"The more than one thousand calls, emails and Facebook messages I have received have been about 10-to-1 opposed to any more taxes. The message from my constituents has been loud and clear that they do not want a tax increase so I had to oppose this plan with a permanent tax increase," Rep. John Cavaletto, R-Salem, said in a statement.
While the tax increase initially passed Sunday with 72 votes, that number fell to 71 on Thursday — the bare minimum needed for an override. To make up for the Republicans who changed their minds, four Democrats who earlier had opposed the tax hike now voted to override Rauner.
When it looked like the fight between Rauner and Madigan would stretch on throughout the summer without end, rank-and-file lawmakers pressed their leaders to get something done. They shared their frustrations about the impact of the stalemate on their universities and home towns in meetings across dinner tables and in quiet corners of the Capitol. That effort culminated Thursday.
"I believe it's a historic day because it's a day where we decide the fate of our state," said Rep. Steve Andersson, a Republican from Geneva who voted for the tax hike and override. "Do we want to save it? Or do we want to let it go into meltdown?"
While Rauner had said he could support a tax hike, it came with a list of conditions. That included a property tax freeze and an overhaul of the workers compensation system to cut costs on businesses.
Still, an override of his veto could prove politically beneficial for Rauner in two ways. It breaks the budget impasse, allowing state spending to return closer to normal and relieves some pressure, even if it wouldn't repair all the damage done during the stalemate. And as he seeks re-election next year, he can blame the outcome on Madigan's power and the "Chicago Machine," playing into the geographic politics that divides the state.
Meanwhile, the Illinois Republican Party, which Rauner heavily funds, released a statement that attacked Democrats and suggested primary opponents could await GOP lawmakers who broke with the governor.
"After all we have accomplished together, it is astonishing that these legislators would now turn their backs on taxpayers across the state," the statement from party Chairman Tim Schneider read in part. "I am confident voters will hold those politicians accountable for choosing Mike Madigan over the people of Illinois."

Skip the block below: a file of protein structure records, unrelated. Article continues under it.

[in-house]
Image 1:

Republican Rep. Reggie Phillips of Charleston sought to portray his vote in favor of the override as simply in his district's best interests.
"If I decide to press my button to override the governor, it doesn't make me any less of a conservative Republican than the rest of the people standing here," said Phillips, whose district includes Eastern Illinois University, which has struggled to make ends meet with reduced state funding during the impasse. "It makes a person decide he has to vote for his district. He has to think about all the people in his district to the best of his ability."
While the biggest point of contention centers on the tax hike in the spending plan, much of the final product came about after months of bipartisan negotiations. While the sides ultimately were unable to reach an agreement that Rauner could support, Republican influence kept the tax rate lower than Democrats initially called for and led to widespread spending reductions.
The budget package calls for spending $36.1 billion in the coming year, which is less than the $39 billion that's currently going out the door due to a patchwork of court orders and laws that's left state government to spend billions more than it takes in each year. Supporters said the plan includes $2.5 billion in spending cuts, including 5 percent across-the-board reductions to most state agencies and a 10 percent cut to higher education.
The personal income tax rate goes from 3.75 percent to 4.95 percent, which is expected to generate roughly $4.3 billion. A rise in the corporate income tax rate from 5.25 percent to 7 percent would bring in another $460 million. The research-and-development tax credit would be reinstated, and the earned income tax credit for low-income families would be increased. The law also ends several corporate tax breaks, including those for companies that operate on the continental shelves or shift production out of state.